EPA PFAS Roadmap Shows Promise, Falls Short of Immediate and Bold Action Needed to Stop Environmental and Health Crisis

WASHINGTON ​— The Environmental Protection Agency (EPA) has announced its PFAS Strategic Roadmap, a set of new guidelines to manage per- and polyfluoroalkyl substances (PFAS). PFAS are a large class of toxic “forever chemicals” with detrimental environmental and health impacts that pose an immediate threat to air, water, and consumer product safety across the United States. While the roadmap outlines several key advancements, it fails to incorporate many key actions that would be required under the bipartisan “PFAS Action Act” as well as ongoing guidance from science and advocacy groups regarding the urgency and bolder actions needed to avoid an escalating PFAS crisis. 

The following are statements from NRDC (Natural Resources Defense Council) health and science experts:

“Years after the PFAS problem became clear, the EPA’s slow response in the Trump Administration left millions of people to drink dangerously-contaminated water. It’s important that today’s EPA is finally committing to specific dates to set tap water standards for two PFAS and to list them as hazardous under Superfund. While we welcome several proposals in the Roadmap, the agency needs to act with great urgency to address this five-alarm fire and take action on the full class of these toxic forever chemicals. The EPA must establish rigorous standards for cleaning up, phasing out, and regulating PFAS now to ensure we can drink from our kitchen taps without fear of endangering our family’s health.” - Erik D. Olson, Senior Strategic Director, Health and Food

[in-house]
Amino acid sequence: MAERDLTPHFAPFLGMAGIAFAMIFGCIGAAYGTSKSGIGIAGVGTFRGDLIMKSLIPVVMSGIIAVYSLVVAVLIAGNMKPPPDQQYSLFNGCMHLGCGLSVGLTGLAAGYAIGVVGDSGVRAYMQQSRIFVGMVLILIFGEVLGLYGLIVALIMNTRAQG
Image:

“After four years of the Trump Administration’s enabling the chemical industry’s widespread production, use, and pollution of PFAS, the EPA should be sprinting towards adopting health protections, stopping exposure, and preventing the production and use of new class compounds. While the roadmap contains some potentially positive steps forward, the plans announced today are not enough, or fast enough, to tackle the ongoing PFAS crisis. As it heads down this road, EPA needs to regulate the chemical industry as a polluter—using all the tools Congress provided when it enacted the Clean Air Act, Clean Water Act, Safe Drinking Water Act, the Toxic Substances Control Act, and Superfund. - Daniel Rosenberg, Director, Federal Toxics Policy

“While assessing and possibly regulating PFAS as subgroups is a step forward from the individual chemical approach taken currently, to fully protect public health and the environment, the EPA needs to take regulatory measures to address the full class of PFAS as quickly as possible.” - Dr. Anna Reade, Staff Scientist

NRDC Resources:

NRDC (Natural Resources Defense Council) is an international nonprofit environmental organization with more than 3 million members and online activists. Since 1970, our lawyers, scientists, and other environmental specialists have worked to protect the world's natural resources, public health, and the environment. NRDC has offices in New York City, Washington, D.C., Los Angeles, San Francisco, Chicago, Bozeman, MT, and Beijing. Visit us at www.nrdc.org and follow us on Twitter @NRDC.

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